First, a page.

Tao’s last week was not all bad. We had time together and before she went into her final decline she was still seeking me out. She was pretty weak, she couldn’t jump through windows and used her claws to get into my lap. She mustered up enough strength to groom herself. Not until the end did she stop seeking out her water bowl and her litter tray. Between the time she died and when I visited the vet clinic I noticed things that reminded me of her, things going thump outside, the reflexion of light on the deck. Perhaps that was her farewell gift to me, the last hurrah. The deck made noises when I was sitting in the living room at night watching Top Gear. I went to check. There was nothing there. I invited her in.

Monday evening I went to the Centre for Theology and Public Issues’ forum on Crime and Punishment. The choice of speakers seemed slanted toward restorative justice: a representative from the Howard League for Penal Reform, the organiser of the Sycamore Trust in Dunedin, a solicitor, and two politicians. Only one of the politicians was leaned towards arguing down the Law and Order line (or Laura Norder, as she is known). I was sitting beside the Area Commissioner of Police, someone with a vested interest in the topic. He took notes.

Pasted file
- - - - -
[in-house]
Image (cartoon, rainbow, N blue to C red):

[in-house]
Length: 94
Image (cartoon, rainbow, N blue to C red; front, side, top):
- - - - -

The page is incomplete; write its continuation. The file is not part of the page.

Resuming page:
I went into town twice to get out library books, and also to do some shopping. I now have two sets of new pants, moleskins, so I should get a couple of years’ wear out of them.

After Parish Council I mentioned to one member that now we could get home and watch the end of the Phantom (2009). I didn’t know that was on tonight! he said, and left quickly. So did I, I wanted to see it too! When we compared notes later I think we both liked it. The kevlar suit worked, although I’m not convinced by the helmet and visor that replaced his mask and cowl. Still anomynity is one of the Phantom’s weapons; and his skull ring left a mark! Nice! The final set-up could been forseen and leaves the option of future shows.

Also went to the museum because I wanted to see the Contemporary Traditions display at the museum. It was to celebrate 30 years of a sister city relationship with Otaru in Japan and included modern arts and crafts from Ainu and Kai Tahu artists. I went to see if I could imagine a fusion culture emerging out of the display. I didn’t when I went in. Thinking about it afterwards I can imagine it being complementory: taiaha and attushi. I will have to go again and think about it some more.